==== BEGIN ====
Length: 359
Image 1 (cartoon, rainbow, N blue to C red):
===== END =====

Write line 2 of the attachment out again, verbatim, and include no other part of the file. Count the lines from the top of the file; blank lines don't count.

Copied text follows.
Image 1 (cartoon, rainbow, N blue to C red):